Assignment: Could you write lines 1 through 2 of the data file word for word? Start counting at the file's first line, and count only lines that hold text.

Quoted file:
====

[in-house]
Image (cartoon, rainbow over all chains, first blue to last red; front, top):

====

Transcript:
[in-house]
Image (cartoon, rainbow over all chains, first blue to last red; front, top):